Inside the industry push to label your yogurt cup 'recyclable'

A network of groups backed by the plastics industry falsely claims polypropylene containers are “widely recyclable"

Published October 14, 2022 8:15AM (EDT)

Plastic bottles and polystyrene floating in sea (Rosemary Calvert)
Plastic bottles and polystyrene floating in sea (Rosemary Calvert)

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Plastic recycling labels are everywhere: The ubiquitous "chasing arrows" symbol adorns everything from plastic bags and water bottles to kids' toys. 

Most commonly, these symbols appear with a number — 1 through 7 — that identifies the type of plastic resin a product is made of. A number 1, for instance, corresponds to polyethylene terephthalate, or PET — the stuff that makes up water bottles. Number 6 is for polystyrene, used in foam cups and trays. The plastics industry insists these icons were never meant to indicate a product's recyclability, even though that is how they are often perceived by consumers.

In fact, most plastics are not recyclable, largely because there is no market for materials labeled 3 through 7. But that hasn't stopped the widespread use of the chasing arrows. 

With no federal program to evaluate products' recyclability and issue labels for them, third-party organizations have stepped in to play this role instead. One organization in particular, How2Recycle, has devised an elaborate hierarchy with several versions of its own recycling symbol, which it sells to hundreds of companies ranging from Lowe's to Beyond Meat. 

The organization, whose parent nonprofit is based in Virginia, says it analyzes waste management systems nationwide to figure out whether companies' products and packaging are recyclable and then issues a corresponding label. It's ostensibly an attempt to clear up confusion among consumers about what should and shouldn't go into the blue bin. The group describes its markers as "recycling labels that make sense." 

This summer, How2Recycle declared a big victory for the companies it sells labels to: It now considers a wide set of products made from polypropylene, or PP — the resin corresponding to the number 5 — to be "widely recyclable," meaning the organization thinks that more than 60 percent of Americans have access to a curbside or drop-off recycling program that accepts them. Polypropylene accounts for about 14 percent of the U.S.'s plastic production.

The announcement makes polypropylene tubs, bottles, and jars — things like yogurt containers and ketchup bottles — eligible for How2Recycle's top-tier recycling label: a chasing arrows symbol with no qualifications. 

But industry experts and environmental advocates have raised their eyebrows. Based on federal recycling data, independent national waste management surveys, and firsthand accounts from material sorting facilities, polypropylene recycling isn't nearly as widespread as How2Recycle's labeling implies. Even if PP products were technically accepted by facilities that serve a majority of Americans — which researchers say they are not — polypropylene is much more commonly landfilled or incinerated than turned into new products. This is because it is often filled with toxic chemical additives or contaminated with food waste, both of which make it difficult to turn it into new products. It's usually less economical to sort out polypropylene for recycling than to simply discard it and make new products from virgin material.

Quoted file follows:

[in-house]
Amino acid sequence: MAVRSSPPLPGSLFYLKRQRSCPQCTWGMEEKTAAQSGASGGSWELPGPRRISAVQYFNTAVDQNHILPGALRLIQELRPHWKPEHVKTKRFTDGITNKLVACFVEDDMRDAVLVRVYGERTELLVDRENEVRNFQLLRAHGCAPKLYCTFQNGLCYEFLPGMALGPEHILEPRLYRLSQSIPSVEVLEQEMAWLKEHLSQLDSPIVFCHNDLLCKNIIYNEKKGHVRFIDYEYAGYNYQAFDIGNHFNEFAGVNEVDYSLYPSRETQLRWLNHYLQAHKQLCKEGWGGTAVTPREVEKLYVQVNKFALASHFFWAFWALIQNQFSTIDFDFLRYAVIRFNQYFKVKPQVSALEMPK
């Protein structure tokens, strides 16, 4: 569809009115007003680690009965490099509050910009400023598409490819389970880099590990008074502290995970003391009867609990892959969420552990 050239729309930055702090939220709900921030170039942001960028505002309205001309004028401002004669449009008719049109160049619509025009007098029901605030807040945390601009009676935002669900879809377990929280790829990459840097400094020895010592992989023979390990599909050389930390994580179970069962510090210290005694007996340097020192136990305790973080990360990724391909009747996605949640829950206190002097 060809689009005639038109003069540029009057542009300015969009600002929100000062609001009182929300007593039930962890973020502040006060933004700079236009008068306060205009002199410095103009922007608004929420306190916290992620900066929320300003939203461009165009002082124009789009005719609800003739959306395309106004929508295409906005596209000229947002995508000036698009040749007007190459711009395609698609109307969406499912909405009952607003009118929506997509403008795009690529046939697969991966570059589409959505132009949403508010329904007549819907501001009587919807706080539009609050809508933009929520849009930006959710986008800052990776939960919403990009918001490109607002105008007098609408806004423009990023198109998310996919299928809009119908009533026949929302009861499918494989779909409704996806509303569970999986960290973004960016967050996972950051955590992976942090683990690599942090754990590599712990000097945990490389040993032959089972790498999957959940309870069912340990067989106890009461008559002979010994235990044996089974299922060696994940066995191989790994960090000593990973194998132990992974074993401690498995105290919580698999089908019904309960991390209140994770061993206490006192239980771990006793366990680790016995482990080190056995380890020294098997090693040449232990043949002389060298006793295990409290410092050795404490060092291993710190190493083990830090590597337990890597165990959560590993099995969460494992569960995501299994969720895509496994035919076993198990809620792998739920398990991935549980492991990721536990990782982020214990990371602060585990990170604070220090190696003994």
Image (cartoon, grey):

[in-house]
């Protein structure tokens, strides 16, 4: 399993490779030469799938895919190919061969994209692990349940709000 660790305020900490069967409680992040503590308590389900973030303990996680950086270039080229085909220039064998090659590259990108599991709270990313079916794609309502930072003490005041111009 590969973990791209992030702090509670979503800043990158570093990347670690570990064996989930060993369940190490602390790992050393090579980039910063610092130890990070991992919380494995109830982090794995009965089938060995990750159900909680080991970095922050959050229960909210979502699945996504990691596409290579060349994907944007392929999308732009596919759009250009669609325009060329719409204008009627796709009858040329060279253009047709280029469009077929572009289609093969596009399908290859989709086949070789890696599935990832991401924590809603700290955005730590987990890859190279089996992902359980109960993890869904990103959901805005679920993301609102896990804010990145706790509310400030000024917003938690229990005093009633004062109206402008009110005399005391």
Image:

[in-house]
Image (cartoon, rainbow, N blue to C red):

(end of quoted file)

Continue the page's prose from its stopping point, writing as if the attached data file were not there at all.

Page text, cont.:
"Post-consumer PP packaging and products have never been recyclable or recycled … above a few percent," said Jan Dell, an independent chemical engineer and founder of the advocacy group The Last Beach Cleanup. Through How2Recycle, she said, plastic and packaging companies are "creating their own non-verified data" and ignoring key provisions of the Federal Trade Commission's Green Guides, a set of requirements meant to prevent companies from making deceptive claims about the environmental benefits of their products. 

As a result, Dell said, the industry has been allowed to deepen the public's confusion about recycling, gulling people and policymakers into thinking that it will be able to keep pace with plastic manufacturers' plans to dramatically scale up production

* * *

How2Recycle is part of a labyrinth of organizations and industry membership programs that promote "sustainable materials management." When it officially launched in 2012, the organization branded itself as an attempt to clear up confusion among consumers about what they could recycle. Many companies — including Yoplait, Costco, REI, and Microsoft — were quick to sign on, eager to affix How2Recycle's labels to their products.

The program took the onus off of individual companies for claims about recyclability. How2Recycle would do all the necessary research into specific products' recycling rates and community access to recycling programs, allowing participants to rest assured that their recycling labels were compliant with federal law. Today, more than 400 companies pay annual membership fees to place How2Recycle labels on their packages, including Amazon, Clif Bar, Walmart, Johnson & Johnson, and Starbucks.